The geopolitical changes of recent years have brought to its topicality, primarily Russia’s threatening military movements in eastern Ukraine and China’s Belt and Road Initiative economic program, which has been joined by 11 Central European countries, including Hungary. The initiative is seen by Americans as an instrument of Chinese influence and expansion on a global scale, not to mention the risk of indebtedness to China.
Thus, as we can see, US political rhetoric and the re-positioning of relations were driven primarily by changes at the international level. As a result, criticisms of the rule of law and constitutional issues throughout the Democratic Presidencies have been pushed into the background, thus replacing the former mainly value-based foreign policy approach with a highly interest-based diplomatic relationship with the US.
The CEU Case and Other Stories
One of the most spectacular signs of this was the constantly weakening American action at CEU, and the lack of criticism that eventually led the deeply disappointed government, and Cornstein himself, to accept that the university’s US diploma department, and its subsidiary institution must leave Hungary.
Cornstein’s earlier statement, which outlined a number of alternatives (including cooperation in the defense sector) as means for compensating the American side, had already projected a later practical application of this principle.
The region’s strategical appreciation was confirmed by the event of personal meeting of Viktor Orbán and Donald Trump (the later but not sooner meeting occurred in May of 2019) by American invitation to the White House. By the way, the last visit, that the Hungarian Prime Minister in office had taken in the Oval Office was in 2005.
The meeting did not address issues that had previously weighed on the relationship between the two sides, it focused on economic cooperation and on promoting US international political aspirations. Of course, the position and the rhetoric of the two sides on immigration issues are also very similar.
In the occurrence of the meeting it also played a part that the US Secretary of State’s visited Hungary in February 2019 to agree on the signing of a treaty on defense cooperation between the two countries (officially declared in April), which has been under strong US pressure for years and allows US armed forces to travel across the country and only US courts have the right to prosecute American soldiers who commit crimes in Hungary.
At the same time, the Hungarian government also increased the number of Hungarian soldiers on foreign NATO missions. Since then, the Hungarian government has met another condition for normalization and upgrading of relations by negotiating the purchase of rocket weapons exchange for about half a billion dollars and the possibility of Hungary replacing its current combat aircraft with US combat aircraft in the near future.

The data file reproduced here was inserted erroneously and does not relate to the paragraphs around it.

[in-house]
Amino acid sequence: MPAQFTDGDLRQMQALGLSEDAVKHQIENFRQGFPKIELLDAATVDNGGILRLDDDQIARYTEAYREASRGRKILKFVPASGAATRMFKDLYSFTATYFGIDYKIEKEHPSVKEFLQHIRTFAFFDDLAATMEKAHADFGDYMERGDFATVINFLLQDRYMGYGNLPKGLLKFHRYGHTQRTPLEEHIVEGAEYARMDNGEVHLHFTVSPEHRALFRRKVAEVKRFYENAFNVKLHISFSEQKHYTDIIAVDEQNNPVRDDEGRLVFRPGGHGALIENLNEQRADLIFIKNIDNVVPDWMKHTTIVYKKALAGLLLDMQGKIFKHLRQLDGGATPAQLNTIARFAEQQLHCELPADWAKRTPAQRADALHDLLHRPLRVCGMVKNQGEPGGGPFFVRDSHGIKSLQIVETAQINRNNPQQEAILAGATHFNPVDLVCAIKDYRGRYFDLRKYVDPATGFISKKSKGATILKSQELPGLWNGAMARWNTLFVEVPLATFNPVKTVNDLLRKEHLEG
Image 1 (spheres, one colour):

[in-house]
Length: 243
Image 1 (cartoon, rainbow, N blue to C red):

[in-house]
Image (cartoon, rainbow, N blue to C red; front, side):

This way Orbán will kill two birds with one stone, as this way he moves closer to achieve 2% of defense spending as NATO expects and that is strongly emphasized by Trump, and the US army industry also benefits from the acquisition, which also fits Trump’s political expectations.
Thus, as we see the tense, conflict-ridden foreign policy relationship of the Obama era over the past year, determined by American criticism, the United States, in a much more affectionate manner, replaces the former value-based approach with its geostrategic objectives and its principle has come. So that this turn led to several steps on the part of the Hungarian side, in favor of American foreign policy interests, as discussed above.
It should be noted, however, that there are current issues that are straining the relationship between the two sides, one of the greatest weak points of the agreement is blocking Ukraine’s accession to NATO and the EU.
Although the current presidential administration has temporarily set aside its former reservations about the Hungarian government, it has not completely disappeared, as is illustrated by the fact that several Hungarian opposition leaders visited the US State Department at the same time as the Hungarian Prime Minister.
It is also clear that from the American side, especially the Democrats continue to have a strong aversion to the current Hungarian government and maintain their criticisms. The most obvious sign of this is that several Democratic politicians and foreign affairs officials would submit a proposal for the distribution of more than USD 700 million to support opposition media in Central and Eastern Europe.
One of the most important elements of this program would be the re-establishment of the Free Europe Radio in Hungary. Especially as the US presidential elections draw near and Democrats are now in the majority in House of Representatives this is a strong warning to Orbán: the relationship now looking to be fruitful may not be long-lived.